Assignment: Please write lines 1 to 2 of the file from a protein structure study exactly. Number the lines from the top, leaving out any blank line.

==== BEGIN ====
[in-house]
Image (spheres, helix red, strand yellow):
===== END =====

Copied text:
[in-house]
Image (spheres, helix red, strand yellow):